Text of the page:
Tesco and Morrisons to repay £859m of business rates relief

Laura Onita
·4-min read
Teco store
Teco store

Tesco and Morrisons handed back almost £1bn of Covid tax breaks on Wednesday amid growing fears of a raid on businesses whose profits were boosted by Government support during lockdown.

The grocers' decision to repay business rates relief will pile pressure on Sainsbury's, Asda and other rivals to follow suit, analysts warned, as industry insiders raised concerns over a possible windfall tax on profits made during the crisis.

Supermarkets have faced months of criticism for claiming business rates relief offered to all retailers to help them survive lockdown. Unlike almost all the rest of the industry, the grocers were allowed to stay open and enjoyed bumper sales.

Tesco announced it would repay £585m of relief on Wednesday morning, catching rivals by surprise. Morrisons then responded after markets closed by pledging to hand back £274m.

Market watchers now expect a host of other firms to do the same. James Anstead, a retail analyst at Barclays, said: “It likely creates significant pressure for other retailers to return the relief that they would otherwise have claimed.

“Attention will now shift to other retailers and whether they may feel they have to follow Tesco’s lead."

The cash returned by the pair is roughly equal to the cost of the Eat Out to Help Out meal subsidy scheme which ran over summer. Tesco's tax rebate alone could pay each ailing pub and  brewery in the country up to £14,000 in the run-up to Christmas. 

The move thrusts listed rival Sainsbury’s into the spotlight - as well as Asda, which is about to be bought by the billionaire Issa brothers.

Budget chain B&M Bargains and B&Q's owner Kingfisher were also allowed to keep trading during lockdown and are likely to come under scrutiny too.

Campaigners have criticised the firms for taking state support, and have also turned their fire on digital players such as Amazon which were boosted by the stampede into online retail. Some in the industry fear that ministers could impose a windfall tax on firms which are thought to have behaved irresponsibly during the pandemic.

Clive Black, a retail analyst at Shore Capital, said: “Clearly, the decision will have a direct read across to the other retailers that have remained open and received business rate relief in this challenging time. 

“While Sainsbury’s may be at the forefront of the debate today as to the next steps for the industry, particular focus may also fall upon Asda, B&Q [Kingfisher] and B&M, the latter of which has declared a recent special dividend.”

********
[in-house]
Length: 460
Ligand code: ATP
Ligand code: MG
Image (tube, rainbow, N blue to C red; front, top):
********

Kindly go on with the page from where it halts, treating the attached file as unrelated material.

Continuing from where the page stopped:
Waitrose owner John Lewis and Marks & Spencer were both forced to shut parts of their operations and have already said they will not repay the business rates relief.

Aldi, Lidl and Iceland declined to comment, while Co-op said it will consider its approach but is unlikely to pay the money back. 

The 12-month rates relief holiday comes to an end in March. It was introduced at the start of the pandemic by the Government to ease the financial pressure on retailers after hundreds of thousands of stores were forced to shut. 

One senior retail executive said: “What happened was the Government made a mistake bringing a blanket relief for all retailers.

“It does signal the fact that although they’ve [supermarkets] tried to minimise it, their demand has been elevated and they’re making money. And looking at the year end forecast their old arguments don’t stack up.”

Although grocers experienced a massive sales boost during lockdown, the pandemic has also forced them to spend hundreds of millions of pounds on buying PPE for staff and expanding online delivery services.

Supermarkets also hired thousands of workers at the height of the crisis, and have been widely praised for keeping food flowing despite a massive wave of panic buying.

They have nonetheless come under fire for accepting a tax break while at the same time paying dividends to shareholders. 

Tesco said in August that it would pay out £900m to investors, but insisted this reflected its strong performance in the previous financial year. 

Last month, Sainsbury's unveiled a £231m interim dividend - almost the same as the £230m in rates relief it pocketed during the same six-month period. 

Simon Roberts, the new chief executive, defended the payout at the time by saying small shareholders depend on dividend income.

Tesco admitted the company had “proven resilient in the most challenging of circumstances” and added that it is financially strong enough to pay the money back.

Morrisons said it had a very strong balance sheet and a pension surplus. 

Robert Hayton at Altus, the property firm, said: “It should have been obvious from the outset that not all businesses would need the same level of taxpayer support through the pandemic.

"It is great that Tesco has taken the lead and repaid this relief. The Government must now redeploy that revenue to where it is most needed.”